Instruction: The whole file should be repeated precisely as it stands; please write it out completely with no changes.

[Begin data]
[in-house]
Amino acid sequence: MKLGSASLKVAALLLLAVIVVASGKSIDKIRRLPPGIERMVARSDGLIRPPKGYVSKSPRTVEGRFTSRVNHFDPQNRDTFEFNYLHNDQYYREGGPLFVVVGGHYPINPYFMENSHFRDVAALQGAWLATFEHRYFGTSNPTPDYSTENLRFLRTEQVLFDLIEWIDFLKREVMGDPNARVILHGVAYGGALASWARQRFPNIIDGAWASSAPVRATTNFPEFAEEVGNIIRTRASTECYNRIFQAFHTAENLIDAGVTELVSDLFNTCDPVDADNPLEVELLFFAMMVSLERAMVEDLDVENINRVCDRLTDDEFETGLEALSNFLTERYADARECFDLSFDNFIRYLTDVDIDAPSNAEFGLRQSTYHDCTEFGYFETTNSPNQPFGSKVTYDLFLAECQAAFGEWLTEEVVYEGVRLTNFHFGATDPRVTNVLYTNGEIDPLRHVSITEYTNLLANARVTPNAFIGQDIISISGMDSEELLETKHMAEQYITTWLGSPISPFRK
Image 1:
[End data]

[in-house]
Amino acid sequence: MKLGSASLKVAALLLLAVIVVASGKSIDKIRRLPPGIERMVARSDGLIRPPKGYVSKSPRTVEGRFTSRVNHFDPQNRDTFEFNYLHNDQYYREGGPLFVVVGGHYPINPYFMENSHFRDVAALQGAWLATFEHRYFGTSNPTPDYSTENLRFLRTEQVLFDLIEWIDFLKREVMGDPNARVILHGVAYGGALASWARQRFPNIIDGAWASSAPVRATTNFPEFAEEVGNIIRTRASTECYNRIFQAFHTAENLIDAGVTELVSDLFNTCDPVDADNPLEVELLFFAMMVSLERAMVEDLDVENINRVCDRLTDDEFETGLEALSNFLTERYADARECFDLSFDNFIRYLTDVDIDAPSNAEFGLRQSTYHDCTEFGYFETTNSPNQPFGSKVTYDLFLAECQAAFGEWLTEEVVYEGVRLTNFHFGATDPRVTNVLYTNGEIDPLRHVSITEYTNLLANARVTPNAFIGQDIISISGMDSEELLETKHMAEQYITTWLGSPISPFRK
Image 1: